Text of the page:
Professor Churnjeet Mahn

Deputy Associate Principal


Personal statement

I am a researcher in literature with expertise in travel writing, race, and sexuality. 

My work on travel began with a study of British women’s travel to Greece in the long nineteenth century and the complicity of feminist movements with discourses of racism and Orientalism (Mahn 2012). A recurring theme in this work was how the tangible heritage of Greece was whitewashed as ‘European’ while Greece’s intangible heritage was represented as irrecoverably corrupted by Ottoman occupation and the influence of Islam. This work combined research on the Classics, emerging humanities disciplines such as Geography and Ethnography, literary studies, and women non-fiction writers interested in race and politics. By using travel writing as a genre which connected these disparate figures (who were often connected through shared voyages and itineraries), I produced the first major study of how British women co-operated with, and through some feminist thinking sometimes resisted, the construction of (ancient) Greek heritage as part of a white, western world. My work on ethnography, maps and areas with Islamic influence led to my selection as one of the AHRC/British Council UnBox Fellows for 2013 and a subsequent impact-led grant on how to rehabilitate one of Punjab’s historic Mughal-era gardens to public memory (PI, AHRC, A Punjabi Palimpsest).

Since then, my work has continued to be focused on the intersection of race and travel, with a special focus on interactions with the Muslim world. My work on Punjab and the run-up to Partition, along with its aftermath, was informed by how folk culture had been (mis)represented in the accounts of British colonial folklorists and anthropologists who had key roles in influencing colonial policies that created official social categories which did not accommodate the complexity of real social structures (Malik, Mahn, et al 2020; Mahn 2017). This work led to two collaborations with organisations working with Punjabi heritage as part of the AHRC grant Creative Interruptions. This large 3-year grant was awarded as part of the Connected Communities programme and was based on collaborative and co-designed research and impact.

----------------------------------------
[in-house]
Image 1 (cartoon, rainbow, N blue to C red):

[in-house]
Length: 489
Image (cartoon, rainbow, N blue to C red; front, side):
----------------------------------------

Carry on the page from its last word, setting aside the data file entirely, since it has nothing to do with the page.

Alongside this work, I have a long-standing interest in queer theory which originates from my work on Jane Ellen Harrison’s reading of pre-modern matriarchal cultures alongside the popularity of Greece as a destination of key queer thinkers and activists from the nineteenth century. I have written on the relative absence of queer theory and critical engagement with sexuality in the field of travel writing (Mahn 2015) and am currently working on a book project about queer of colour writing about travel. I have delivered equalities-led research on this issue in an AHRC grant (PI, States of Desire) which aimed to address how queer lives could be recognised and supported in a leading anti-racist refugee organisation which struggled to reconcile cultural differences to LGBTQ+ identities within the organisation (Mahn, Milne, et al 2019). I am also currently working on a smaller project on researching the lives of queer South Asian migrants to the UK (PI, British Academy, Cross-Border Queers).


Current projects:

British Academy - Cross-Border Queers: The Story of South Asian Migration to the UK (with Dr Rohit Dasgupta, University of Glasgow)

AHRC EDI Fellowship 


Taylor Yvette, Brim Matt, Mahn Churnjeet
Queer Precarities In and Out of Higher Education Challenging Instutional Structures (2023) (2023)